The 2010 matric results in South Africa were better than expected, with 67.8% of pupils passing the 2010 exams, up 7.1% from the results achieved in 2009.
The dramatic improvement in the matric pass rate has come as a surprise to many; after all, the 2010 generation of 12th graders lost many school days in June due to the Fifa world cup, and then again in September because of a teachers’ strike.
There are stories of Herculean efforts to compensate for the hurdles thrown the 2010 matrics’ way.
One secondary school, Itumeleng Secondary School in Ledig, a village about 5km from Sun City, has recorded an improvement in the matric pass rate from 43% in 2009 to 66% last year. – thanks to help from North-West University (NWU) has done a marvellous job in turning around a badly performing high school. the university had started Saturday programmes and afternoon classes to help improve the results and that they had borne fruit.
Some provincial education department had also organised matric camps, where more attention was placed on mathematics, science and English.
Education department says "remarkable achievement" and said it was possible that the 2010 public sector strike might have robbed the department of its targeted 70% pass rate. The department had aimed for a pass rate of 70% for 2010 and a 10% improvement by 2014.
There have been several big jumps in the South African matric pass rates since 1994. In 2010, the year-on-year improvement stands at 7.1%; in 2000 that percentage was 9%; and in 2002 it was 7,2%. Worldwide, big fluctuations from one year to the next in the results of exams written by a substantial number of candidates are unusual.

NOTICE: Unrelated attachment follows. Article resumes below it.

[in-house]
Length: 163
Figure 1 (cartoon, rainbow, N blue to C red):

The 2010 matric pass rate drew other criticisms too:
It was noticed that there was a steep decrease in the number of full-time candidates and a significant increase in that of part-time matrics. Since part time matrics are not included in the final pass figure, which has led some to claim that schools were weeding out weaker learners, forcing them to become part-timers to ensure a good pass rate.
In 2010, 537,543 “full-time” candidates wrote the ¬prescribed seven subjects, 14,530 less than in 2009. In contrast, the number of part-time candidates more than doubled, from 39 255 in 2009 to 82 835 last year.
Low pass barrier is another sore point. Currently, a candidate has to achieve only 30% of correct answers in order to pass an exam. This, however, does not grant entrance to most universities; actually, only which 23,5% of full-time candidates achieved university passes in 2010, up from last year's 19,9%.
Misunderstandings about how Umalusi, the national education quality assurance body, “standardises” the matric results. In this standardisation process, raw marks are altered, and South Africa seems to be unique in doing this. According to the local media, in 2010 Umalusi retained “raw” marks in 39 of the 58 subjects that candidates wrote, took marks up in nine subjects and down in 10.
Even more importantly, some question the very core of South African secondary education, with its emphasis on matric results. At the beginning of 2011, young matriculants rushed to universities – which cannot take them all in. The University of Johannesburg reported that 63,400 youngsters have applied for 13,000 places available for first-year students. It’s like that all over the country: hundreds of thousands of students are jostling for fewer than 50,000 places.
Critics of the current education system say that it is time to re-think the secondary education and the post-matric education system. They argue that it would be more beneficial for young people and for the country to have practical high school education, with curriculum designed to meet a range of skills. Armed with such skills, young people could either confidently enter the job market after high school, or pursue further practical tertiary non-university study. That would mean having more training colleges, as well as endeavouring to make them more attractive to students and parents.
Image: Stdents at Potchefstroom campus of the North-West University, source: MediaClub South Africa